- Give choices. Giving choices can also be powerful. For example, if your toddler is distraught that you’re only going to read them one book tonight, let them pick the one book. They’ll totally buy into it and you can move along with your routine.
- Stick to the plan. Be mindful that you don’t change things on your toddler or preschooler too much. Imagine how you might feel if you went into your room, knowing it was time for bed, and then you were told you had to do laundry or you couldn’t spend a few minutes reading your favorite book. Ugh! I would have a temper tantrum as well. You can’t read three books one night and only one the next without expecting some protest or even a meltdown.
- Communicate changes. If you need to make changes, try to talk with them about it beforehand so they know what to expect.
Let’s say, for example, you have an evening event. Bedtime is normally 7:30, but you’ll be arriving home closer to 8:00. Because it’s planned, you can prepare your child, and say something like this: “Tonight, we’re going to be getting home later than bedtime. Instead of taking a bath, mommy is going to wipe you down with a washcloth, and daddy will help you get your pajamas on. We won’t have time for a book, but we can still sing our song.”
- Post the Rules and Routine. With preschoolers (even as early as 2.5 years) posting and reading sleep rules as part of the bedtime routine can be helpful. You can even begin with verbal cues for children as young as 2, saying things like, “Lay in bed quietly, hug your body, help your body sleep,” to start planting that seed that there are expectations around sleep. The more you can convey this message when they’re younger, the easier it will be as they get older.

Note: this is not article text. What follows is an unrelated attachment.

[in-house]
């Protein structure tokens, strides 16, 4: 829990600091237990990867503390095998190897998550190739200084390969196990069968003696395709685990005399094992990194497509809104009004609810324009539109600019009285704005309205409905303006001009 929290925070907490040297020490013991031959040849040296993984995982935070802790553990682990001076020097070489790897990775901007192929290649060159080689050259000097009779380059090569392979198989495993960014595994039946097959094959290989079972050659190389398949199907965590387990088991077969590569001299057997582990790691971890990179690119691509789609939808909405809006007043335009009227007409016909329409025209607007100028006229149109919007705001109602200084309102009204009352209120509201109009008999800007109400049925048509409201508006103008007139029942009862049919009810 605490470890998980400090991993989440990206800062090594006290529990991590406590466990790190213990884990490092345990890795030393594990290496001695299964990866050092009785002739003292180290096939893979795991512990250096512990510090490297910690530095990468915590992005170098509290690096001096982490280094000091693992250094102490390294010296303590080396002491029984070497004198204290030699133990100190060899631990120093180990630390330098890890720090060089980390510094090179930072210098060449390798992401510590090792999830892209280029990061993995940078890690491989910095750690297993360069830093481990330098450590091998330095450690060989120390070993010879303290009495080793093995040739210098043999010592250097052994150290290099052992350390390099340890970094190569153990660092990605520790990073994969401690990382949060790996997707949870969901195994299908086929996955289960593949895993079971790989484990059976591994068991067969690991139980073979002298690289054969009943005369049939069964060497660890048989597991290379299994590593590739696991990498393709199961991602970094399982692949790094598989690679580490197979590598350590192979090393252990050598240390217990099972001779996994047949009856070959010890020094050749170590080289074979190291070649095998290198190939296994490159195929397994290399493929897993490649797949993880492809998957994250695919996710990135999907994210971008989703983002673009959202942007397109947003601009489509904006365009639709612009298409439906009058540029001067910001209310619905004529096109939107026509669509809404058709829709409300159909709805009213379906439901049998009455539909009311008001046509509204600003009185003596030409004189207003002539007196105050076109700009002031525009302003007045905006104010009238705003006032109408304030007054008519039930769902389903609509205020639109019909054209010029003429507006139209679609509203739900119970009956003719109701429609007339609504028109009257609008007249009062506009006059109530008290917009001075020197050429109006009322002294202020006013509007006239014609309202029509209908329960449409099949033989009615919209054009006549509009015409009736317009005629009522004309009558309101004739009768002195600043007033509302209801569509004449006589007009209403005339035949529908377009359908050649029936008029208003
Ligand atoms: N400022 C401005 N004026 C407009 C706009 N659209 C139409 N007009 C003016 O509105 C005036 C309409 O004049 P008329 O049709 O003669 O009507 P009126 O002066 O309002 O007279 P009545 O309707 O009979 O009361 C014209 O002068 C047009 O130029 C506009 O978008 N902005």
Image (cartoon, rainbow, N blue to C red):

One final tool that can help with your toddler or preschooler’s bedtime routine is an okay-to-wake clock like the Hatch. Teach your child what the different colors mean (you can pick and program it yourself) and it is a visual cue that it’s time to go to sleep (red), you should be sleeping (off), and it’s time to wake up (green).
Routines for Naps
Wondering if you should have a sleep routine for naps, too? Absolutely! Try having a consistent routine that you do for naps to help your child settle for sleep. A nap sleep routine can be an abbreviated version of the bedtime routine – a diaper change, sleep sack on, and in bed. It shouldn’t take you more than five minutes.
Why Consistency Matters to a Child
Changing your child’s bedtime routine on them is going to throw them off. Routines, over time, become a consistent expectation in your child’s life. And, over time, this consistency builds trust, which in turn strengthens your child’s relationship with you and sleep. As your child grows and develops, this consistency you’ve provided will allow them to become more independent and help them take ownership of their bedtime and their sleep skills and be excited about it!
Consistent bedtime routines can help empower your child when it comes to sleep. Working to establish and maintain those routines will be worth it, I promise.